One of the most respected and well-loved children’s authors in America, Madeleine L’Engle was a long-time resident of Goshen, Conn. In 1963, she received the Newberry Medal for her most famous novel, A Wrinkle in Time. The Crosswicks Foundation, which she started with her husband, continues to make grants to support arts and community-based organizations in New York and northwestern Connecticut.
Madeleine L’Engle Camp was born in New York City in 1918. Her father, Charles Wadsworth Camp, was a critic, writer and foreign correspondent; her mother, also named Madeleine L’Engle, was a gifted pianist. After graduating from a boarding school in Charleston, S.C., L’Engle graduated from Smith College with honors in 1941. Upon graduation, she moved to Greenwich Village to act, ultimately meeting her husband, Hugh Franklin, while the two were performing in Chekov’s The Cherry Orchard. They married in 1946 and celebrated the arrival of their first daughter in 1947. In 1952, with a second child on the way, the family moved to Crosswicks, a 200-year-old farmhouse in Goshen, Conn., where they purchased a local General Store and settled into rural life. Her first novel, The Small Rain, had been published in 1945, but it was during her years at Crosswicks that she experienced the communal life that would inspire much of her later work, including The Austin Family Series, beginning with Meet the Austins, one of the American Library Association’s Notable Children’s Books of 1960.
It was with her next novel, A Wrinkle in Time, published in 1962, that L’Engle’s career as a writer really took off. The book quickly became a popular and critical success, winning both the Lewis Carroll Shelf Award and the Newberry Medal for the most distinguished contribution to children’s literature. Two companion novels completed the Time Trilogy, A Wind in the Door (1973) and A Swiftly Tilting Planet (1978). The series was heralded for its creative blend of fairy tale, science fiction, good old-fashioned story-telling and serious themes of family love, spirituality and moral responsibility. In the 1970s, even as she continued to write children’s books, L’Engle began a series of autobiographical works that have come to be known as the “Crosswicks Journals,” named after the family’s Connecticut farmhouse. The final volume, Two-Part Invention: The Story of a Marriage (1988), is a heart-wrenching account of the devastating illness and subsequent death of her husband of 40 years, remembered most today for his portrayal of Dr. Charles Taylor on the TV soap opera All My Children.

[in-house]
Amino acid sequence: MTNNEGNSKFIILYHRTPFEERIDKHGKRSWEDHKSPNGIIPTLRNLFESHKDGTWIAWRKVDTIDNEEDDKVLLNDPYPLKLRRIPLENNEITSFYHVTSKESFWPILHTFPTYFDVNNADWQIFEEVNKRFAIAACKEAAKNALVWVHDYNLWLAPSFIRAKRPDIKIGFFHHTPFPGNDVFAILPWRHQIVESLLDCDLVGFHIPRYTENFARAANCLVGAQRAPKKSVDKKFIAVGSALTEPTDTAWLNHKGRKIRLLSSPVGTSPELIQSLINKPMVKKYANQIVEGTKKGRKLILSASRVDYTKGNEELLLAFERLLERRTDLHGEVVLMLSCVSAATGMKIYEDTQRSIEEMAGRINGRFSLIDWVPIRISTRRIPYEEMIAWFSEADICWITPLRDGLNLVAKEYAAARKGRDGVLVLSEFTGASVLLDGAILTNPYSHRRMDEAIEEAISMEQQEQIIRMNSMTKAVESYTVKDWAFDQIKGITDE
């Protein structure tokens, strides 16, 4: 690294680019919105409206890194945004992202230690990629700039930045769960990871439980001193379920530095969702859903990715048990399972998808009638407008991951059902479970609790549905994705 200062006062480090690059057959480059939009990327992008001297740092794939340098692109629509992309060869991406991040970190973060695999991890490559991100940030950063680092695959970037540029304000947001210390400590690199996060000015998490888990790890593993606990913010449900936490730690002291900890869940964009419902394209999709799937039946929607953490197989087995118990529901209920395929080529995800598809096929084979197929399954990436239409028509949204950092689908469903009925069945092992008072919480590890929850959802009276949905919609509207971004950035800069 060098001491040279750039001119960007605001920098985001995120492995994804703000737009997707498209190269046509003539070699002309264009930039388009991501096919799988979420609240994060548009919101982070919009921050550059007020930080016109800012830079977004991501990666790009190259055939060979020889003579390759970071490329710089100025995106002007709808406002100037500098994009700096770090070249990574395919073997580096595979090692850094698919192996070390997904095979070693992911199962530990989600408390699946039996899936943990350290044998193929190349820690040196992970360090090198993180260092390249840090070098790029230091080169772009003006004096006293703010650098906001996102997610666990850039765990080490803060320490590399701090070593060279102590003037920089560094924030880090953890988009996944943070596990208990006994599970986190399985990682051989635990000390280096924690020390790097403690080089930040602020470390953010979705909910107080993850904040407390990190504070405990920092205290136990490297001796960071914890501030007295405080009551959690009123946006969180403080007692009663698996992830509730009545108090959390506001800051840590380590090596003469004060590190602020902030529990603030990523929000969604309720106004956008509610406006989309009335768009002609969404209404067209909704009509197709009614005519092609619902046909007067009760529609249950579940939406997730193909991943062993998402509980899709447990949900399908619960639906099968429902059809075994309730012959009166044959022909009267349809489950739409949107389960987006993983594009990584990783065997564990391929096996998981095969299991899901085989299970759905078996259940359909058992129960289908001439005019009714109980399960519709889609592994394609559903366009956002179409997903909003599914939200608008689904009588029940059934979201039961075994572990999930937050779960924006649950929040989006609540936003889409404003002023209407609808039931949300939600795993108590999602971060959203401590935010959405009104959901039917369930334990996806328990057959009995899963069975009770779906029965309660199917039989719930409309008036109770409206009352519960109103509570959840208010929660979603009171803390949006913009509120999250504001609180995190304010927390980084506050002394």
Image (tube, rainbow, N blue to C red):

L’Engle continued to write and receive honors for her work until the end of her life, including two National Religious Book Awards, numerous Newberry honors and nominations and several lifetime achievement awards. In the 1980s, she was ranked by Publisher’s Weekly as one of the five-to-ten most popular and best-selling children’s authors in the country. She served as the librarian and writer-in-residence at the Cathedral of St. John the Divine in New York City and received many honorary doctorates from colleges and universities including Trinity College in Hartford and St. Joseph’s College in West Hartford. L’Engle died of natural causes in September 2007 in Litchfield, Conn. Her children, grandchildren and great-grandchildren continue to maintain her website and encourage new generations of readers to discover her works.